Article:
Adults of both sexes feed on nectar from plants but only females feed on blood from animals.They use both visual and olfactory cues to locate hosts. Carbon dioxide, lactic acid and octenol are important chemical host attractants, the time of flight and feeding activity is usually quite specific for most species. Some mosquitoes can deposit eggs without first taking a meal of blood (autogeny). Most, however, must blood - feed prior to developing eggs (anautogeny). Adults usually remain in the area where the larvae developed, most mosquitoes are found near water. A few species, such as Aedes sollicitans and Aedes vexans, will disperse greater distances.
Source: Capinera, 2010

Preservation and curation:

Larvae and pupas: 70% Etanol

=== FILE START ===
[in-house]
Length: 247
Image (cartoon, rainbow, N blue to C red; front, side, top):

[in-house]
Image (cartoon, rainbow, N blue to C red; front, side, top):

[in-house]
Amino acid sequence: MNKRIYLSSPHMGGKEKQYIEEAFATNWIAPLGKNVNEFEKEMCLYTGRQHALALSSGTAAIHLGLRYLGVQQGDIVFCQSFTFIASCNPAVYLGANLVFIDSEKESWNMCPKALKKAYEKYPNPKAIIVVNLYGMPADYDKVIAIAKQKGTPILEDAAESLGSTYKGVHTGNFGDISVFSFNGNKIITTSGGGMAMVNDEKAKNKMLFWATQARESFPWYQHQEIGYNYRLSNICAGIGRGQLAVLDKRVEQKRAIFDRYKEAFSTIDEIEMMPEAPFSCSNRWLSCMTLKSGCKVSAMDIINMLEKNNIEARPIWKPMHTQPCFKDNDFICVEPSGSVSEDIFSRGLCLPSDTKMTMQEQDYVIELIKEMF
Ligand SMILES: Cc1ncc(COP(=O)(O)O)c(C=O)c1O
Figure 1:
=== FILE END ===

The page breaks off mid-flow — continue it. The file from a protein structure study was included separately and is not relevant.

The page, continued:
Adults assembly: On a cube mount, with thorax impaled laterally or with thorax impaled laterally.


According to Harbach and Kitchin (1998) family Culicidae is a monophyletic group supported by three sinapomorphies that include: erect scales on head, mouthparts long, and prealar setae. Despite the above, deeper relationships can be unresolved. Subfamily Anophelinae is a monophyletic lineage basal to all other Culicidae. Subfamily Culicinae is not demonstrably monophyletic in relation to genus Toxorhynchites. Tribes Aedini, Culicini and Sabethini are monophyletic.

Wood & Borkent (1989) listed two morphological synapomorphies for Culicidae, premandible of larvae entirely internal, apparently without any remnant of an external sclerite (apomorphic), and proboscis of adults markedly elongate, with piercing stylets ensheathed by the labium (apomorphic).